Apple launched the App Store today which brings the process of buying apps for your Mac OS X operating system on the same level as buying apps for the iPhone and iPad. Jobs announced this months ago and finally it is here! To buy and install applications and games, you simply click on the app and plop it’s installed (if it wasn’t installed already). No problems with dependencies and whatever.
To get the new App Store installed, you simply click on the update functionality of Mac OS and update to the latest 10.6.6 release. There you go, a shiny App Store in your dock! He Apple! Now that we have an App Store in it’s own seperate place, can we remove the iOS App Store from iTunes and add it to this one? Thanks.
Currently there are thousands of apps, but we are waiting, of course for the 100s of thousands to come in! At least the free Twitter app is there, which was, apparently downloaded by everyone on Twitter with a Mac. Probably not a bad score for a first day!
The advantages of the App Store are many; besides easy searching, easy installation, there is also a hidden advantage. Because the iOS App Store apps are so cheap, it is becoming obvious that ‘traditional’ Mac OS X application publishers cannot keep their prices as high as they are used to because App Store buyers are ‘quick buyers’. They decide on a whim after reading one or two reviews. So we speculate prices on traditional apps going down fast.
Another great point is that it detects of many applications you bought before, that you already have them and so you won’t have to purchase them again. For many apps this means you can now auto-update. However a number of readers reported that it is not working for several apps, which, to auto-update, you will need to re-purchase. We assume this is a bug and will be fixed (some publishers already adapted their pricing to accommodate users wanting to update now).
Now for the ‘crack’ (and it’s solution); a major disadvantage that is named often is the DRM. Your apps are now bound to your laptop like the iOS apps are bound to your device. And there comes the scoop we received via one of our readers; run any App Store application without paying and without having it bound to your system. The recipe has been published anonymously on pastebin.com (Note that acting on this information is violating copyright and Apple App Store rules). This of course technically does not mean the App Store has been cracked itself, but it’s a way to circumvent the DRM/payment system which allows people to copy and run these apps like any ‘traditionally’ distributed software. This was one of the things Apple was trying to prevent.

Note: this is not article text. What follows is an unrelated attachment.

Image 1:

The problem is a known problem according to our App Store developers and exists because of laziness (or ignorance) on the side of the app developers. Technically apps check if the signature on the bundle is valid and they also need to check if that signature is for the right app. Apps that do not do this are vulnerable to the above workaround. We have no statistics how many apps are affected and how many will be in the future, but developers can fix this by validating if the enclosed signature belongs to their app and not another one. The Angry Birds creators apparently didn’t do this.